Changeling is a powerful film. It tells the forgotten story of a working-class woman who brought down the corrupt establishment of Los Angeles 80 years ago.
Angelina Jolie gives a strong, Oscar-worthy performance as Christine Collins, a single mother and one of the first female supervisors at the phone company who refuses to bow down to corrupt police when her son vanished without a trace in 1928.
Los Angeles on the brink of the Great Depression was an epitome of corruption. The police chief, James "Two Guns" Davis, had an officially sanctioned "gun squad" that terrorized opponents with impunity. When Collins' son Walter vanished, the L.A. police were embarrassed by their inability to find him. To squelch public criticism, they tried to convince Collins that a young drifter was her son. When Collins protested, police Captain J.J. Jones labeled her as histrionic and delusional and had her locked in a "psychopathic ward."
Luckily for Collins, her plight came to the attention of Gustav A. Briegleb, a Presbyterian minister and community organizer who regularly lambasted police corruption on his radio show. Briegleb helped Collins get a lawyer and tell her story. Although the movie does not mention it, Collins' case led to passage of a law that prohibited police from incarcerating people in psychiatric facilities absent due process.
Despite the compelling nature of Collins' story, it came close to being forgotten. The old records were about to be incinerated when a city worker telephoned screenwriter and former journalist J. Michael Straczynski and told him to come over and take a look. What Straczynski read that day was so compelling that he spent a year poring over city archives to reconstruct the case.
Straczynski has said that he wrote the script to honor Collins: A woman whose "simple question, `Where is my son?' brought down the entire L.A. city structure."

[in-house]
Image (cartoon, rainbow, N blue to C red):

Changeling owes its aura of authenticity to Straczynski's meticulous research; verbatim quotes from the files and direct testimony from the public hearings are incorporated into the script.
The film's power also owes to its feminist message about a strong woman who refuses to be silenced by a corrupt establishment. The scenes from the public hospital's "psychopathic ward" provide a grim reminder of the horrors faced by women who were labeled as crazy for resisting male authority.
Clint Eastwood was a great choice of director to tell this story. The acting is uniformly excellent, the plot presses forward inexorably, and attention to detail is exhibited throughout. The location shots are masterful in transporting us back in time, as Collins (Jolie) hops on and off streetcars in a convincingly reconstructed 1920s Los Angeles.
Although the film closely parallels the actual history, viewers should be aware that Eastwood took some dramatic liberties, presumably to streamline the story and highlight its good-versus-evil message. We don't find out, for example, that the missing boy had a father who was serving time at Folsom Prison for robbery. Nor is the presentation of the infamous Wineville Chicken Coop murder case entirely accurate. Killer Gordon Stewart Northcott was indeed hanged at San Quentin, but the film does not mention that his mother was convicted of the Collins murder and spent 12 years in prison.
For those who are interested in additional background on that case, it is the topic of a just-published book by James Paul, Nothing is Strange with You: The Life and Crimes of Gordon Stewart Northcott. Former San Quentin warden Clinton P. Duffy also wrote about Northcott in his memoirs. Another source of information is the film's website, changelingmovie.net, which has reproductions of some of the actual L.A. Times news articles on the case.